rate, participating debt allows the lender to have participatory equity
rights through a share of increases in income and/or increases in residual
value over the loan balance or original value at the time of loan funding.

Party in interest: Under ERISA’s 2002 Modernization Act: Parties in
interest include employers, unions and, in certain circumstances,
fiduciaries. It excludes service providers and their affiliates. Fiduciaries
would only be parties in interest where they act on behalf of a plan sponsor
in entering into a transaction. An affiliate of a party in interest does not
include remote affiliates of employers, unions and fiduciaries (e.g., 10
percent owners), as well as employees of such remote affiliates.

Pass-through certificate: Payments of principal and interest from the
underlying pool of mortgages are passed through to the holders of the

Payout ratio: The percentage of the primary earnings per share,
excluding extraordinary items, paid to common stockholders in the form of
cash dividends during the trailing 12 months

Pension liability: The total amount of capital required to fund
vested pension fund benefits

Percentage rent: Rent payable under a lease that is equal to a
percentage of gross sales or gross revenues received by the tenant. It is
commonly used in retail center leases.

Performance: The quarterly changes in fund or account values
attributable to investment income, realized or unrealized appreciation, and
the total gross return to the investors both before and after investment
management fees. Formulas for calculating performance information are
varied, making comparisons difficult.

Performance bond: A surety bond posted by a contractor guaranteeing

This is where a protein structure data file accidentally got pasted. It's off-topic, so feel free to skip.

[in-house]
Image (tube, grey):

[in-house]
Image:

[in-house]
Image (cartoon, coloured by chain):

full performance of a contract with the proceeds to be used to complete the
contract or compensate for the owner’s loss in the event of nonperformance

Performance measurement: The process of measuring an investor’s real
estate performance in terms of individual assets, advisers/managers and
portfolios. The scope of performance measurement reports varies among
managers, consultants and plan sponsors.

Performance-based fees: Fees paid to advisers or managers based on
returns to investors, often packaged with a modest acquisition and
asset-management fee structure

Permanent loan: The long-term mortgage on a property

Plan assets: The assets of a pension plan

Plan sponsor: The entity that establishes, contributes to and is
responsible for the administration of an employee benefit plan, often used
interchangeably to describe staff who administer the plan and trustees or
investment board members who govern it

Plat: Map of a specific area, such as a subdivision, that shows the
boundaries of individual lots together with streets and easements

Portfolio management: The portfolio management process involves
formulating, modifying and implementing a real estate investment strategy in
light of an investor’s broader overall investment objectives. It also can be
defined as the management of several properties owned by a single entity.

Portfolio turnover: The average time from the funding of an
investment until it is repaid or sold

Power of sale: Clause inserted in a mortgage or deed of trust giving
the mortgagee (or trustee) the right and power, upon default in the payment
of the debt secured, to advertise and sell the property at public auction

Preferred shares: Stocks that have prior claim on distributions
(and/or assets in the event of dissolution) up to a definite amount before
the common shareholders are entitled to anything. As a form of ownership,
preferred shareholders fall behind all creditors in dissolutions.

Preleased: Space in a proposed building that has been leased before